As devotees all over the country are celebrating Chhath puja, Chhath devotees at the Yamuna Ghat in Kalindi Kunj were seen standing in froth-covered water in the Yamuna River to offer prayers.
What has become repetitive incidents from the past few years is caused by the untreated sewage and wastewater from the factories and households which contains high levels of phosphate is released into the river. When asked by experts, they said that the froth is a direct indicator of pollution. When untreated and/or poorly treated effluents, including the sewage from those parts of the city which are not connected to the sewerage network along with industrial waste, can be the causes of frothing.
Not only these, but several other human activities such as deforestation, immersion of idols made with cheap lead and acrylic paints, polythene bags, and land degradation are also a few of the reasons that one of the holiest rivers in India is on its verge of decline.
Also known as Jamuna and Kalndi (named due to its water being dark)along its course, the river has its mention in the Vedic as well as Mughal history. It was the river Yamuna which Vasudeva crossed to carry Krishna to safety to Vrindavan and it's the same Yamuna alongside which the symbolic Taj Mahal has been built.
Formed from the Yamunotri glacier in Uttarakhand which has one of the purest waters, mainly due to the low human population in the area. Flowing through the plains of Haryana, Delhi, Mathura, Agra, and Prayagraj, the river supports agriculture in these areas.
But in return, it receives heaps of toxic garbage and pollution. The foaming is visible at this time of the year, the reason being that the water is at a comparatively lean phase, the temperature is low and the flow is less. Pollutants, don’t get diluted and thus the toxic foam. Even though only 2% of the river flows through Delhi, the city alone is responsible for 76% of the total pollution in the river. Though to be precise, the origin of the pollution is from the source itself. Uttarakhand is a regular pilgrimage site of Hindus and their kinds of stuff like used diyas, flowers, plastic bags, clothes, and other such pollutants are dumped in tonnes.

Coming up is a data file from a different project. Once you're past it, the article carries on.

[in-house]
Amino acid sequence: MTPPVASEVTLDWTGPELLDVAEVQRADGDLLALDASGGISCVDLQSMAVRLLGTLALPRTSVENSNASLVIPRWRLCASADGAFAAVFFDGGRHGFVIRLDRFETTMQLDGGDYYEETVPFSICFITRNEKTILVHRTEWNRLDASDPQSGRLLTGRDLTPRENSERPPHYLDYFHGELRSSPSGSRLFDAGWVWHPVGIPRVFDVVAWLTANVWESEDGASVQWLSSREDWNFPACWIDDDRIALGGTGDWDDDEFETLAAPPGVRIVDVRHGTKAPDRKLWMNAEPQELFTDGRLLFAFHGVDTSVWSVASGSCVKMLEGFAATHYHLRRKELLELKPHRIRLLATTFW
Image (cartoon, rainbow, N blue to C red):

Talking about the pollution in the Delhi region, according to a senior Delhi Jal Board official (DJB), the frothing is only seen near Kalindi Kunj, downstream of the Okhla barrage. This doesn't mean that the water at the rest of the places is any less toxic. As per the latest test conducted by the Delhi Pollution Control Committee (DPCC), the level of dissolved oxygen (DO) is “nil” at seven of the nine ghats along the banks of Yamuna in Delhi. This indicates that no living aquatic organisms can survive in such conditions.
The government deployed 15 boats as a response measure to remove the toxic froth which the river harbors. Also, bamboo structures were installed and water was sprayed from tanks so as the air bubbles which were trapped could escape and the foam can vanish.
Chairman of Chhath Puja Samiti, Kalindi Kunj, Vikas Rai however coined all these measures as a “cover-up” of their failure. Even the DPCC official regarded these measures as temporary.
In June 2021, DPCC banned the sale, transportation, and storage of soaps and detergents which do not conform to the quality standards set by the Bureau of Indian Standards (BIS). Also, water samples are being collected near the Okhla barrage to check phosphate levels. Talks have been initiated to upgrade the technology of Sewage Treatment Plants (STPs).
On an individual level, we can try to raise campaigns and create awareness among the masses using social media. If possible, one can also fund privately owned and government projects and can try to popularize sustainable methods. Even a small initiative can help a lot.
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